Common Name: Redbud, Eastern Redbud
Full sun to light shade; medium to moderately dry moisture level; tolerant of a wide range of soils including moderately coarse sandy loams to moderately fine sandy and silty clays and heavier clays; slightly acid to slightly alkaline pH.
12-25 feet height by 10-20 feet spread; red purple to rosy pink flowers in April before the leaves come out; flat, oblong, 2-3 inch long seed pods in early summer which persist until winter.
Growth Rate: Fast. 4-6 feet per year is not uncommon in youth.
Maintenance: Low maintenance. Infrequent disease and insect problems. Suffers dramatically from excessive stress, including lack of water, excessive moisture or injury, and a weakened tree is more susceptible to disease. Keep tree vigorous with regular watering and some fertilization and by pruning out dead branches as needed. Avoid excessive fertilization which may lead tree to stop blooming in spring.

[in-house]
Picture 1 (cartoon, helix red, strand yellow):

Propagation: Easy from seed. Simplest way is to scratch the seed coat (scarify) and plant outdoors in fall. Self-sown seeds winter easily and produce robust trees. Cuttings are nearly impossible.
Native Region: Statewide
One of the loveliest flowering native trees and makes a charming addition to the woodland garden. Can either be pruned to a single trunk or grown as a multi-trunked tree. Performs best in moderately fertile soils with consistent moisture. An understory tree which grows well and flowers in the shade of taller trees but produces more abundantly in full sun. Attractive when used as a specimen planting or in groupings. Short-lived, averaging less than 50 years of age, usually 20-30 years. Many cultivars available.
Attracts birds and bees. Flower nectar attracts early butterflies in spring.